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The Razor's Edge Mass Market Paperback – 1990


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Product Details

  • Mass Market Paperback: 352 pages
  • Publisher: Mandarin (1990)
  • Language: English
  • ISBN-10: 0749303506
  • ISBN-13: 978-0749303501
  • Product Dimensions: 5.1 x 1 x 7.8 inches
  • Shipping Weight: 6.4 ounces
  • Average Customer Review: 4.5 out of 5 stars  See all reviews (355 customer reviews)
  • Amazon Best Sellers Rank: #707,052 in Books (See Top 100 in Books)

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Customer Reviews

Seeing his best friend, young and full of life die changed Larry forever.
Dean Kane, M.D.
I love the way Maugham places himself into the story as observer, and his incredible insight of the wonderful characters.
Mary J. Schaudt
I gave Razor's Edge five starts because it was a wonderful book, something I had not enjoyed over a very long time.
Engjellushe Shqarri

Most Helpful Customer Reviews

241 of 247 people found the following review helpful By E. Karasik on January 30, 2005
Format: Paperback
The Razor's Edge is an unusual amalgam -- three-quarters witty social commentary about American and European society, one-quarter Eastern philosophy -- bound together by Maugham's impeccable prose -- almost as though Henry James and Hermann Hesse had collaborated. The book contrasts the adventures of Larry, a seeker who travels widely in search of life's meaning, with that of his former fiancee, Isabelle, who sacrifices her love for Larry in favor of wealth and social standing. While the book is an odd literary chimera, the result is supremely satisfying. One gets to luxuriate in Maugham's biting descriptions of the social milieu in Paris, the Riviera, and London, while simultaneously being exposed to some much bigger issues presented in the context of Larry's intriguing quest for enlightenment. Along the way there is beauty, degradation, betrayal, forgiveness, art, fashion, turgid fascination with France's demimonde, and lots of other juicy material. A great read -- fun yet substantive -- like eating a fluffy eclair that actually has nutritional value!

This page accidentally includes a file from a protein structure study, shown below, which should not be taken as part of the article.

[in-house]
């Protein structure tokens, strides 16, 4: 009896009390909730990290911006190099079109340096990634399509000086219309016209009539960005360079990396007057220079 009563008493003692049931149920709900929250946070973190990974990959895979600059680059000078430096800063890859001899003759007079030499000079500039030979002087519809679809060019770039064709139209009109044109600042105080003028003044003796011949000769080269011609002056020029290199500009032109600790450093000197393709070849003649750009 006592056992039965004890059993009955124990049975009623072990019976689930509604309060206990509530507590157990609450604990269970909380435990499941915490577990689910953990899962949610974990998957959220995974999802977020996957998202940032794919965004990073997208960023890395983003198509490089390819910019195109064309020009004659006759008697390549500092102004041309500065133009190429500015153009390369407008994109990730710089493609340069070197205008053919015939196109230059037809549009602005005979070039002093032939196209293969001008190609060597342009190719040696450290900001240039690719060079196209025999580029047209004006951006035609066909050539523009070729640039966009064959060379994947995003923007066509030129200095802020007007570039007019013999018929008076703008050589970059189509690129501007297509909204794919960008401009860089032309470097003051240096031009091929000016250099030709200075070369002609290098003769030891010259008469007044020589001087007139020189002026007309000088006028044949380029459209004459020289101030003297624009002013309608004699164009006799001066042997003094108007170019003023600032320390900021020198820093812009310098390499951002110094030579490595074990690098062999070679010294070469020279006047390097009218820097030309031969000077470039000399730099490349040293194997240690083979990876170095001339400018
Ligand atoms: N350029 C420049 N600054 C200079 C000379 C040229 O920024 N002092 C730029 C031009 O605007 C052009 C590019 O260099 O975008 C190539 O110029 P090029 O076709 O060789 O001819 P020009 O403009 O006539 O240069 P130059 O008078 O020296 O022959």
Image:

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240 of 254 people found the following review helpful By Jeffrey Leach HALL OF FAME on August 17, 2001
Format: Paperback
William Somerset Maugham is considered one of the best authors of the 20th century. After reading this book, I can understand why. His grasp of the human condition is simply phenomenal. He is one of those rare authors that can make his characters leap off the page and become living, breathing creatures. The introduction to this Penguin edition spends much time trying to place the fictional characters into the context of Maugham’s life. I’m sure the characters in this story are somewhat based on real people, as any author worth his salt always draws on real experience to create a story. Personally, I couldn’t care less if these characters were based on real people, as it wouldn’t make them any less interesting to me.
“The Razor’s Edge” really has a simple message. It asks us to reflect on how we lead our lives. Do we follow the masses or seek inner fulfillment? Is it right or wrong to drop out of society and follow our inner selves? Maugham makes us ponder these questions as he introduces us to his characters ... When I think of the overall plot of the book, even after reading it, it doesn’t really seem that interesting. But when I think all of the little things within the book, I realize how excellent the novel is. Read this book, even if it is the only Maugham book you ever read (which is a pretty pretentious statement on my part, as this is the only one I’ve read). The prose is excellent, and the psychological insights are really amazing. Recommended.